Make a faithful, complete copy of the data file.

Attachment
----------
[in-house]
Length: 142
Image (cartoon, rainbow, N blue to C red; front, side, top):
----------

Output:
[in-house]
Length: 142
Image (cartoon, rainbow, N blue to C red; front, side, top):